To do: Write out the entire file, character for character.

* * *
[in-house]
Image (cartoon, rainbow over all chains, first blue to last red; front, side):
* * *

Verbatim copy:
[in-house]
Image (cartoon, rainbow over all chains, first blue to last red; front, side):